1. I used to need peace and quiet when I write. Now not so much. I was in the doctors office waiting room yesterday among fifteen of my closest coughing, crying and annoying friends. I finished a chapter and did not have high blood pressure from sitting while waiting. I never noticed those around me either. Wonder what that is all about

    • Thanks for sharing. That has happened to me, too. I was taking my son to a playground where kids were running around, shouting and laughing. I completed the first draft of a short story in iA Writer on my iPhone. It doesn’t always work that way, though. Maybe it works better once you get used to it and become more experienced?

  2. Really liked this post, very insightful! Being true to yourself as a writer is as important as being true to yourself in every other aspect of your life. Good luck with your writing!

  3. I’ve been wondering why you’re so quiet. Let me say you’re not alone in struggling to write at present, so take heart. I read that part in “On Writing” just the other day and it makes very good sense. King writes something else I think is of value: write your first draft as quickly as possible. Don’t think about it too much. I have the habit of constantly reviewing as I write and that might be part of my problem.

    • Thank you for the encouragement. I, too, worry a lot while writing. My vocabulary is limited and I have to stop and think every now and then, to look for the right words. Enough of these stops and it’s easy to get discouraged.

      As to why I’ve been so quiet: I’ve been very busy with getting my life together; I won’t reveal too much, let’s just say I’m an immigrant in Europe looking for a job in crisis times with two more mouths to feed. That and I’ve been having internal struggles in writing, blogging, and everything else.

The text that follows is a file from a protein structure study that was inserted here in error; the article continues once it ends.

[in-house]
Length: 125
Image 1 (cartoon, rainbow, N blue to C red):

Thank you for the thought, I really appreciate it. 🙂

  4. “We can’t please everyone anyway, so we might as well please ourselves,” is perfect. I publish on WordPress to get a general feel for what goes over well, but only take the response as a directional sign, not a judgment. I used to go for the quiet place writing environment, but when waiting for a girlfriend who worked in a restaurant once I noticed I was more focused because of the noise and activity around me…blocking them out seemed to enhance my concentration. Now I write wherever. I agree with you, even though I don’t read King. That book is about as good of writing advice as it gets.

    • Thanks for reading. At some point I was overly concerned with peace and quiet while writing, attributing my failure in getting things down on paper to lack of focus and other—mostly external—factors. But I began to wonder if I wasn’t just making up excuses not to write. I’m still nowhere close to ‘writing wherever,’ as you’re able to do, but I hope someday I can just ‘flip a switch,’ if you will, to enter a ‘writing mode’—even while standing in the middle of a war zone, so to speak. I wonder how those journalists do it. Hm.

  5. I’ve chosen one ideal reader in my head, and I write only to please her. But that’s in the second draft. The first draft I write because I have to get it on paper. It doesn’t please me, but then I don’t expect it to.

    • You’ve summed it up well. I never quite get the Ideal Reader, as King also recommends in On Writing. Right now, I have so many questions: Who? How? Do we make (significant) modifications in our story to please him/her?

      Normally, I show my wife my completed first drafts, but we don’t always agree, and I don’t always modify my story to suit her criticisms. I guess we, as writers, have to decide for ourselves in the end?

      Thanks for reading.

  6. Pingback: Blog shout-out: sairyou.me | The parasite guy

  7. Roy’s comment from Pratchett about ‘telling the story to yourself’ is a good way to think about it but you have to tell the kind, excited, youthful side of yourself. The critical guy has to bite his lip till editing time!
    Great post 🙂

  8. In this post you spoke the truth of many … instant feedback can be as much of a burden as it can value. While King is certainly a master, there is a literary titan whose views on the matter I cherish the most; James Joyce who said: ‘Thought and plot are not so important as some would make them out to be. The object of any work of art is the transference of emotion; talent is the gift of conveying that emotion.’

    That really is what is all about.

  9. Pingback: Quote: Write with the door closed. | How to write a memo